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Why do so many people wish to control and dominate their partners?

(12 Posts)
toptramp Fri 26-Aug-11 22:09:25

Ok; most people probably don't but for those who do; WHY? Why are we also so scard of splitting up with someone who isn't right for us (which is one reason why I suspect we cling and control) and also, why not just find someone who is more compatible rather than try to change that person into something they are not? I am speaking from past experience and want a genuine discussion on the subject.

toptramp Fri 26-Aug-11 22:10:05

scared sorry

wicketkeeper Fri 26-Aug-11 22:21:05

That is such a good question. I don't know the answer, but I've just made a cup of tea, and will watch with interest.

solidgoldbrass Fri 26-Aug-11 23:04:00

Firstly and most importantly there is a massive cultural history and tradition of women being men's property, and a fair proportion of men who think that this is right and natural, and a woman who shows signs of assertiveness needs to be put in her place. Secondly, there is also a strong cultural tradition of people being told that the only way to live a full adult life is to be in a heteromonogamous relationship, so people should do anything they can to find a partner and maintain such a relationship, even down to physical violence or criminal damage against a partner who is reluctant to continue the relationship or remain monogamous.
Finally, some people are inadequate and can't function unless they have someone to bully - grinding someone else down makes them feel better.

RabbitPie Fri 26-Aug-11 23:07:10

Message deleted by MNHQ. Here's a link to our Talk Guidelines.

hmc Fri 26-Aug-11 23:09:07

Scared of splitting up? - understandable fear surely? ; (relative) poverty, single parenthood and the hard work that entails. Blimey - I can see why people choose to stay in less than satisfying relationships

FabbyChic Fri 26-Aug-11 23:26:19

People are frightened of being alone, of starting the relationship cycle all over again, sometimes it is because you know the person that it makes it easier to stay.

I married an emotional and physical abuser even after he made my face look like I'd been in a car crash, it was only when I could have lost my children i.e left home and never returned that I fucked him off. The marriage lasted a month. I look back now and think what the fuck was I doing? I was lonely, living in a new place didn't know anybody.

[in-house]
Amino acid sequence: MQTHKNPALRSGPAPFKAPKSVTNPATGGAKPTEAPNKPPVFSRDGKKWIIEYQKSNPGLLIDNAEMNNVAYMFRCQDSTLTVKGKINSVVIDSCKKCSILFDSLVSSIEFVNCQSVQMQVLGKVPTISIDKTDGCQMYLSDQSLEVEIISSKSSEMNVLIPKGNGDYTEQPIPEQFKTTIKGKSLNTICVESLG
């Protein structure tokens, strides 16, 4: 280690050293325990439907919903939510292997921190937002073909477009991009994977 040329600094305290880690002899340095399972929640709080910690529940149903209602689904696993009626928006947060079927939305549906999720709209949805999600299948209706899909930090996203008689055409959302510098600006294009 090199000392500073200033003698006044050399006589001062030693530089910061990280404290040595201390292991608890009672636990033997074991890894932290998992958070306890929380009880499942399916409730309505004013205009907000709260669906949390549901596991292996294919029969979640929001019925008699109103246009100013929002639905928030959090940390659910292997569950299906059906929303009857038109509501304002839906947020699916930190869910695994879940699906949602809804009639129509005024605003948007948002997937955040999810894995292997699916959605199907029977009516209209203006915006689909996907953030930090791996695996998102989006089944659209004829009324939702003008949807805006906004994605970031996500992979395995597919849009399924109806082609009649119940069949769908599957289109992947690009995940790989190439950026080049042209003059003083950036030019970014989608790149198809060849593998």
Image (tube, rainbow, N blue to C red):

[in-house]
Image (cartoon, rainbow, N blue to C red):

toptramp Sat 27-Aug-11 00:46:40

hmc; I am happier being a single mum than I would be with any of my exes and I just dumped a guy because we had a less than satisfactory relationship as I far prefered the thought of being a single mum than being with him.

I do have issues with dumping unsatisfactory men quickly enough though an dnormally let it drag on until it gets unhealthy. I also can be accused of being clingy and controlling once i am in love and I do think that this is due to abandonment issues I have from childhood.

Once I have recovered from a relationship I am normally happy with single life until I start missing regular sex and afffection which is a very powerful glue I feel.

wicketkeeper Sat 27-Aug-11 09:36:49

OK, I've had my cup of tea, and a good night's sleep, and I've been mulling this over. I suspect there are as many reasons for being controlling as there are people who are controlling. And as many reasons for staying with the wrong person as there are people staying. Also, I don't think we should fall into the trap of thinking that it's only men who want to control and dominate (the hen-pecked husband is a well known stereotype, after all).

And would a person who was controlling in one relationship be just as controlling in a different one? In other words, is the need to control a part of their basic personality, or is it dependent on circumstance?

Hang on - I need more tea. I'll be back.

deburca Sat 27-Aug-11 14:40:03

OP have you ever heard the expression "its cheaper to keep her". Alot of people stay around for financial/security reasons. For alot of people its pretty fucking scary out there on your own - especially if you have dc's and a mortgage.

garlicnutter Sat 27-Aug-11 15:05:35

I was quite controlling, too, OP. Nowhere near as controlling as my abusers claimed, but still. I was attempting to force bad relationships into something more functional. Obviously, that was never going to work.

I knew what functional relationships look like, but lacked experience of what they feel like. I was trying to create mutually caring and respectful relationships. But the tools I had - persuasion; argument; manipulation - and the available material - angry, disrespectful egotists - were unsuited to the job.

PercyPigPie Sat 27-Aug-11 15:24:37

I think Rabbitpie is spot on.

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